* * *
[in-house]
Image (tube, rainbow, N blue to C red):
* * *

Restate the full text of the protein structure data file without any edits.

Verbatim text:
[in-house]
Image (tube, rainbow, N blue to C red):